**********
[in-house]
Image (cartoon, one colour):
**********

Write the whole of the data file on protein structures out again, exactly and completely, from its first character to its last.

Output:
[in-house]
Image (cartoon, one colour):